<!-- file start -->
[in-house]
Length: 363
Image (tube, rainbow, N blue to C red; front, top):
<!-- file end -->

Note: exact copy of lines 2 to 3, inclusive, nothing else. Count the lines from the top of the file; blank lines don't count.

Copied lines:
Length: 363
Image (tube, rainbow, N blue to C red; front, top):